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Why I do what I do

The major focus of chiropractors around the world, and I’m no different, is to evaluate the spine for normal movement and alignment. If any misalignments or lack of movement within the spine are detected we apply a gentle force, or an adjustment, to the affected area to restore alignment and movement.

Sounds pretty simple, right? But why do we do that?

The answer lies in the fact that your spine is intimately connected to two very important systems in the body.

Firstly, there is the Musculoskeletal System, which is the system that consists of all the bones, joints, tendons, ligaments, muscles and which gives you your posture and structure, as well as your ability to move.

Secondly, the spine is massively connected to your Nervous System, which consists of the brain and spinal cord as well as the nerves that go to all the organs as well as down the arms and legs. This system is your body’s vast communication network that allows your brain to talk to your body and vice versa.

In fact you could probably call the spine a neuro-mechanical organ!

The analogy, or story, that I like to use is that your spine is like the axle of a car. When the axle is out of alignment then there will uneven wear and tear on the wheels leading to a quicker deterioration of the tyres and heavier fuel consumption, the car will vibrate and veer off to one side when it’s at speed creating more fatigue on driver as he/she has to use more energy to keep her straight. Not a good situation!

But if it’s in alignment then the car operates like it’s meant to. Like a well-oiled machine – longer lasting, more efficient, less wear and tear and less expensive.

No different with the spine!

If the spine is in alignment then you’ll have an even wear and tear on the joints so the likelihood of arthritis is reduced. In addition, when you’re stressed, like the car at high speed, you’re more likely to handle the effects of stress better with less energy expenditure and less of an overall cost.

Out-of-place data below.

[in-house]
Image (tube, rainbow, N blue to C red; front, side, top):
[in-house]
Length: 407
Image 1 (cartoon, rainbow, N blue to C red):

If there is proper movement of all the joints you’ll have good mobility, flexibility and athletic performance is hugely improved. When your spinal joints move freely without restriction, pain eases or vanishes.

But the next point is probably the most important point about chiropractic and about you and your health that you’ll ever read.

Not only is your spine connected to how well you move physically but how well you physically move is also connected to how well your brain and nervous system work, too! In other words the better your spine moves the better your brain functions.

Why is that important?

Although this is a very over simplified overall explanation I’d you to think of your brain as a computer. It can have all the fancy soft ware systems but if the input is incorrect the output will be faulty. Neuroscience is now reporting that fluid movement, free of compensatory movement patterns, especially of the spine, is probably the most important nutrient or stimulus that the brain can receive.

90% of the stimulation and nutrition to the brain is generated by the movement of the spine – Roger Sperry, 1981 Noble Laureate for Medicine.

Restricted movement results in an increase in the stress response and the stress response is hugely connected to many of the lifestyle related illnesses we see in the world today.

If your brain and nervous system are functioning well and receiving the correct input your body is much more likely to be self regulating and staying in balance or what’s called homeostasis. When your body is in homeostasis you’re much likelier to be healthier!

So the chiropractic adjustment allows for a properly functioning, moving and aligned spine which is critical to enabling your body to move efficiently with less pain but it also keeps the brain, nervous system and spine linked together so the brain gets the greatest stimulation possible so that you can be healthier.

And that’s why we are so concerned with how your spine moves and is aligned!

The human nervous system is designed for the infinite expression of human experience, function and performance.